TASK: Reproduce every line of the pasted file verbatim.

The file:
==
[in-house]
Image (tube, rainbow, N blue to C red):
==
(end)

[in-house]
Image (tube, rainbow, N blue to C red):